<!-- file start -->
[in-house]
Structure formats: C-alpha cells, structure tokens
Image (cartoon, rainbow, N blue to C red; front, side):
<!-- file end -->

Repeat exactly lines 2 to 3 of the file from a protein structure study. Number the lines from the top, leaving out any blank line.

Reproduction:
Structure formats: C-alpha cells, structure tokens
Image (cartoon, rainbow, N blue to C red; front, side):